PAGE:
where Λ(rr′) is the cumulative distribution function of jumps, then we have

Λ(rr)=0ΛG(rr)q()d,    (36)

where q(ℓ) is the distribution of the length-scale and ΛG(r-r) is the cumulative distribution function of Gaussian jumps. Assuming q(ℓ) such that ΛG((r-r)/)q() is integrable and differentiable and it holds |rΛG((r-r)/)q()/|g(), with g(ℓ) integrable, then we have

λ(rr)=rΛ(rr)=0rΛG(rr)q()d                     =0λG(rr)q()d.    (37)

The PDF p(r; t) of the process under consideration results to be

p(r;t)=δ(r)Ψ(t)+r0tp(r,τ)λ(rr)ψM(tτ)dτ             =δ(r)Ψ(t)+r0tp(r,τ)[0λG(rr)q()d]ψM(tτ)dτ.    (38)

Now, we want to find an explicit formula for q(ℓ) and we proceed considering the Fourier transform of the above equation, i.e.,

p^(k,t)=ΨM(t)+0tp^(k,τ)λ^(k)ψM(tτ)dτ,    (39)

or analogously

p^(k,t)=Ψ(t)+0tp^(k,τ)[0λ^G(k)q()d]ψM(tτ)dτ.    (40)

Reminding that in the Markovian case the survival probability is ΨM(t)=e-t and the waiting time PDF ψ(t) = et, Equation (40) becomes

p^(k,t)=et+λ^(k)et0teτp^(k,τ)dτ,    (41)

and the following relation holds

λ^(k)=p^(k,t)etet0teτp^(k,τ)dτ.    (42)

Considering Equation (11) in the Markovian case (that is β = 1), we have

p~^(k,s)=11+sλ^(k),    (43)

and after Laplace anti-transforming we obtain

p^(k,t)=e(1λ^(k))t,    (44)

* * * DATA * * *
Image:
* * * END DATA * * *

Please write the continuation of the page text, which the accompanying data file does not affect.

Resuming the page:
that is the general expression for p^(k,t). Since |λG^(k)|1 from the proprieties of characteristic functions, then also |λ^(k)|1, i.e.,

|λ^(k)|0|λ^G(k)|q()d0q()d=1.    (45)

Hence, the above general representation of p^(k,t) shows that p^(k,t) is a characteristic function for all t ∈ ℝ+ and k ∈ ℝ because it holds

e(1λ^(k))t1.    (46)

The explicit expression of λ^(k) can also be obtained. We know that the Gaussian density for jumps λG comes from an unbiased random walk in one-dimension. In this random walk, a particle starts from the origin and, at each time step Δt, makes a jump ±Δx to the left or the right with equal probability. We call Ph,n the probability that the particle will be in point x = G at the time t = nΔt. In this simple case we have

Ph,n=12Ph1,n1+12Ph+1,n1,    (47)

assuming P0,0 = 1. The characteristic function for this binomial formulation is

λ^G(k)=h=nnP(X=σGh)eikσGh,    (48)

that n even becomes